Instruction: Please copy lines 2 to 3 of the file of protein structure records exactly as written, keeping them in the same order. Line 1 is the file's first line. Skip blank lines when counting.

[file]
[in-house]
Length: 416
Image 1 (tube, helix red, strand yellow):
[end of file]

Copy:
Length: 416
Image 1 (tube, helix red, strand yellow):